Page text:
First Aid Kit is a folk duo comprised of two sisters, Johanna and Klara Soderberg, from Stockholm Sweden, aged 22 and 19.  Though, they look like they are about 18 and 15 years old.  They are part of the growing trend for musicians to kick-start their careers with viral video success.  First Aid Kit first garnered attention with a viral video of their cover of a Fleet Foxes song.  There was something very touching about the beautiful harmonies of two sisters singing in the woods together.  It seemed genuine, two sisters simply enjoying playing music and being with one another, and displayed real talent besides.   The sisters continued to post songs on Youtube, recorded an album, got more attention from indie music enthusiasts and now are on a world tour after releasing their second album.  The haphazard, dumb luck of having a viral video makes me a little uncomfortable about the growing frequency of this pattern of new music success.  But if Youtube is to be the new FM radio, so be it.  There are certainly worse ways to find new music.  
I also cannot deny the quality of musicianship and singing in First Aid Kit.  The insistence to harmonize their voices on every song is a bit tiresome as is their insistence on the poignancy of loss in their songs.  However, I remember being 19 when everything was new and profound.  And their performance at Fillmore was a nice reminder of that youthful enthusiasm.  But more importantly, their music, if not their stage presence, demonstrated maturity beyond their years and shows real promise.  They are a couple of sister to watch.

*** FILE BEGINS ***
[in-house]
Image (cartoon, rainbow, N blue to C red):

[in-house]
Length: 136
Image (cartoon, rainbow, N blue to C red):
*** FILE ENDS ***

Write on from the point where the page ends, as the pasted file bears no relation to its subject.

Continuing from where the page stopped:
David Byrne and St. Vincent: Giant

David Byrne and St. Vincent
Orpheum Theater
October 15, 2012
San Francisco, CA

On his latest album and tour, David Byrne (nee Talking Heads) has teamed up with indie darling St. Vincent (nee Annie Clark).  The collaboration has divided the SF hipster subculture.  For young urban hipsters, the collaboration is a stab at relevance by DB, a once great, faded musical icon and pop star; and for aging suburban hipsters, it is an attempt by promising, neophyte SV to gain greater exposure.  But for an aging music enthusiast and concert reviewer, it was all good fun. 

DB was last seen on MV&R over three years ago when he brought down the house at the Greek with one of the best shows in recent years in the Bay Area.  Nothing could live up to that show and Monday’s night performance didn’t.  However, DB again demonstrated that he is a man of class and talent.  From his perfect, clean, white, starched jacket to his never aging, refined voice.  His voice can transform despair into comfortable beauty, his robotic dancing transforms awkwardness into fun.  And his lyrics transform the mundane to the poetic.  When he sings, “I’m an ordinary guy, burning down the house.”  It is clear that he is not ordinary and that he is burning down something else.  The song is a celebration of liberation.
However, SV is no slouch either.  First, she’s super cute.  So, she’s got that going for her.  And she’s a damn good singer and songwriter.  Though, perhaps she should refrain from taking dancing cues from DB since she ended up looking a bit like C-3PO from Star Wars jerking across the sparse stage.

Most notable and remarkable about this show was that 8 of the 12 people on stage were playing horns: trombones, trumpets, tuba, flugel horn and saxophones (technically a reed instrument).  Yet they were able to recreate “Burning Down the House,” “This Must be the Place,” and “Road to Nowhere” amongst other hits, with great enthusiasm.   A good start to a long week of fun and music.

Photos by: Award-winning photographer Joe S.

Harmony By the Bay: Old & New

Harmony By the Bay: Old & New
Shoreline Amphitheater
Mountain View, CA
September 29, 2012

Harmony By the Bay Music Festival